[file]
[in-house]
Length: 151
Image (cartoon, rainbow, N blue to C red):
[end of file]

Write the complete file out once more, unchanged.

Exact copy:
[in-house]
Length: 151
Image (cartoon, rainbow, N blue to C red):